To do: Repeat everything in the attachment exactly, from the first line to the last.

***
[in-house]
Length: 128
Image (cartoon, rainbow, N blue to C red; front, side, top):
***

[in-house]
Length: 128
Image (cartoon, rainbow, N blue to C red; front, side, top):